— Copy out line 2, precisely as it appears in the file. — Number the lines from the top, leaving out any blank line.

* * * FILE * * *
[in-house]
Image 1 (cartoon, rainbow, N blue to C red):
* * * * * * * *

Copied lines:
Image 1 (cartoon, rainbow, N blue to C red):